Women and Druglords and Gangs, oh my! April 21, 2007Posted by lindamc in drugs, Female Power, feminism, gender, in the news, new york times, Set it off, women in gangs.
In the NY times today, there was an interesting article about the increase of women in high power positions in Mexico drug gangs. The article discusses how there has been an increase in deaths of women in high gang positions, and how those women have “transfered” themselves from the police in order to make more money. The women were successful because they attracted more attractive female workers who got by checkers and because they are good buisness managers. Talking to experts, the article reports that the reasons for this shift is because of a rise in poverty and women are joining to get themselves and their children out of the gutter. Another expert theorizes that this rise will decrease the violence of the industry and make it more buisness-like.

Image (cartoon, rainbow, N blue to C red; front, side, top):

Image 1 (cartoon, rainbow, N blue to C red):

I found it very interesting that both of these experts gave such classically feminie identies to these women who are joining drug lords. They gave them roles as mothers, and practical caretakers, who are non-violent and sensible. When I first heard of these cops turned druglord women, I did not picture a stuggling mother who would soften the life of a drug smuggler, I pictured more of a rough and tumble women like Queen Laifah (Cleo) in Set it off or other more angry and agressive women. It was interesting to me that the article painted women as possibly improving the drug smuggling buisness, when the article also says they are getting killed off more and more frequently. Either this means that many more women are entering the buisness and the number of deaths is the same per capita, or it is saying that women are not really doing well in the buisness, as they are getting caught by other gangs and killed.
I was just wondering if anyone else had any opinions on how the Times drew this article, or on your own reaction to the women, and what that says about our culture, that I automatically picture a certain kind of women selling drugs, and don’t buy the NY Time’s picture of attractive mothers who are less violent? I wonder too, what women in the US are like in gangs?